The Dietary Guidelines are revised every 5 years and provide guidance for Americans on evidence-based recommendations for diet and nutrition. These recommendations are set for people age 2 and older, and include persons with increased risk of chronic disease.
The Dietary Guidelines Advisory Committee provided their recommendation report last week for the 2015 version of the guidelines. The committee has recommended moving away from nutrient-based recommendations (i.e., eat less sodium, eat more potassium) and towards food-based recommendations such as eat more plant foods.
When it comes to dietary cholesterol, the committee has recommended the government step back from upper limits on cholesterol intake, as research has shown that the type of fat plays a bigger role on heart disease risk than total fat or cholesterol intake.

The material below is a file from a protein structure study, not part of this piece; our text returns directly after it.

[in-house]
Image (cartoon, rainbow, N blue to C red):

Furthermore, drinking 3-5 cups of coffee per day does not appear to increase chronic disease risk and in some cases may even be protective.
The full and finalized 2015 Dietary Guidelines are set to publish later this year. In the meantime, the public can comment on the committee’s advisory report here. For more information the Dietary Advisory Committee report can be found: http://www.health.gov/dietaryguidelines/2015-scientific-report/.
Special thanks to dietetic student Briana Rodriquez for her contributions to this post.